Thursday, September 18th, 2014
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Kasich
Agriculture "is the strongest industry in Ohio."

John Kasich on Thursday, November 29th, 2012 in a speech to the Ohio Farm Bureau

John Kasich says agriculture is the "strongest industry in Ohio"

Ohio Gov. John Kasich addresses the 2012 meeting of the Ohio Farm Bureau Federation.

Jobs in manufacturing, especially in the auto industry, drew so much attention in recent political campaigns that one observer speculated every man, woman and child in Ohio must spend their days building cars.

PolitiFact Ohio knew that was a joke, but the focus on factories increased our interest in comments by Gov. John Kasich when he addressed the 2012 meeting of the Ohio Farm Bureau Federation on Nov. 29, 2012. The Ohio Capital Blog recorded the event.

Agriculture, Kasich said,  "is the strongest industry in Ohio" and "the bedrock of the state of Ohio."

We've heard similar comments from others: Sen. Sherrod Brown ("the state's No. 1 industry"), the state Department of Agriculture ("Ohio's No. 1 industry") and the Farm Bureau itself ("Ohio's top industry").

It's a bipartisan claim.

But PolitiFact Ohio wondered what measure makes agriculture No. 1. Employment? Dollars generated? Taxes levied? Square footage?

So we called Kasich's office and the state Agriculture Department and asked for sources.

Both referred us to "OHFOOD," for Ohio food, which is an annually updated economic model developed by Thomas L. Sporleder, the much-cited professor of agribusiness at The Ohio State University.

The model, by its own description, is designed "to capture the inter-dependencies and linkages among various sectors and industries composing the complex economy of Ohio" and "specifically to provide estimates of the economic importance of the food and agriculture-related cluster, along with the general manufacturing and service sectors, of the Ohio economy."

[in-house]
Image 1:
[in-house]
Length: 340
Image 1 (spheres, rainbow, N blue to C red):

Agriculture Department spokeswoman Erica Pitchford Hawkins said the analysis is the most comprehensive study available of Ohio agribusiness, and we could find nothing comparable.

The most recent, from June 2012, uses data from 2010 gathered primarily federal and county level agencies, Sporleder said.

In 2010, the study found, the total food and agricultural cluster contributed 11.7 percent, or $105 billion, of Ohio's total economic output of $898.7 billion. The cluster's share of the gross state product of $477.7 billion was $51 billion, or almost 11 percent.

Ohio's gross state product improved by 1.3 percent from 2008 to 2010, the study said, while the portion attributed to the "agrifood" cluster increased about 30 percent.

The agrifood cluster accounts for 14 percent of Ohio employment, or about 1 of 7 jobs. It gained 1 percent from 2008 to 2010, a period when total employment declined about 3 percent.

There are some points worth noting:

In the OHFOOD study, the "financial, legal and real estate" cluster is listed as a larger private sector of the state economy than the agrifood cluster. Kasich's office, though, pointed out that the grouping of financial services, legal services and real estate activities is particular to the study. That grouping is not used by such agencies as the federal Bureau of Labor Statistics.

Sporleder told us the cluster is grouped because "it’s all service related," but "it’s not a supply chain" in the way food and agriculture is.

That leaves food and agriculture the biggest sector of the state economy.

"If you’re only talking about commodities, that’s not the case," Sporleder said, meaning the cluster is more than just farming. "If you’re talking wheat to flour to bread, you get the sector build-up. It’s an interdependent supply chain."

More than just farming, the "agrifood" or "agribusiness" cluster also encompasses processing, wholesaling and retailing, and food services. As a group, it accounts for $3 billion of the gross state product in the OHFOOD mode.

Kasich described agriculture as the strongest industry in Ohio. Data shows that the agrifood sector is the largest sector of the state’s economy.

His statement is accurate. On the Truth-O-Meter, it rates True.